Mahālatā pasādhana (-pilandhana)

A very costly ornament of gold. In der Zeit von the Buddha it was possessed only by three persons: Bandhula's wife, Mallikā, Visākhā und Devadāniyacora (DA.ii.599; at DhA.i.412 the Tochter of the treasurer of Benares is substituted for Devadāniya). Visākhā once left it behind in the monastery, where she had gone to hear the Buddha preach, und when she sent her slave girl for it Ananda had already put it away. She, thereupon, refused to take it back und had it sold. It was worth nine crores, the workmanship being worth one hundert tausend. No one was found able to buy it, so Visākhā herself paid the price for it, und, mit the proceeds, erected the Migāramātupāsāda (DhA.i.411ff). Mallikā, after the death of her husband, refused to wear her jewels, und, when the Buddha's body was being taken for cremation, she washed her ornament in scented water und placed it on the Buddha's bier mit the following resolve: " May I, in future births, have a body that shall need no ornaments, but which shall appear as though it always bore them (DA.ii.597).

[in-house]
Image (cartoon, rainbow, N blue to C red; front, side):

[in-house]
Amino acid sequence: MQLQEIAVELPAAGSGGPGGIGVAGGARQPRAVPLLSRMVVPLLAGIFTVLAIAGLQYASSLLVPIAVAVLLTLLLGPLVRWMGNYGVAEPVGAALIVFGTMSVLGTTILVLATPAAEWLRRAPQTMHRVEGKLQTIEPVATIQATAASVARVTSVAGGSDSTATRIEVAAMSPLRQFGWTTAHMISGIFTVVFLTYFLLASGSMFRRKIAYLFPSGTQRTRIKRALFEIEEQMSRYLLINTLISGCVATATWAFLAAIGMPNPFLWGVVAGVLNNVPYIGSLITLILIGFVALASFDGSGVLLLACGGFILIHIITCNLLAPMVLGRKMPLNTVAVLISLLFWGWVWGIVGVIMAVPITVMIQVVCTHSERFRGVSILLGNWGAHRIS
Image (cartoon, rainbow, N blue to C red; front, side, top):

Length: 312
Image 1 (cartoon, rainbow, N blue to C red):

The making of Visākhā's ornament took four months, mit fünf hundert goldsmiths working day und night. In its construction were used four pint pots (nāli) of diamonds, eleven of pearls, zwanzig two of coral, thirty three of rubies, one tausend nikkhas of ruddy gold, und sufficient silver. The thread work was entirely of silver, the parure was fastened to the head und extended to the feet. In various places, seals of gold und dies of silver were attached to hold it in position. In the fabric itself was a peacock mit fünf hundert feathers of gold in either wing, a coral beak, jewels for the eyes, the neck feathers und the tail. As the wearer walked the feathers moved, producing the sound of music. Only a woman possessed of the strength of fünf elephants could wear it. DbA.i.393ff. MA.i.471.

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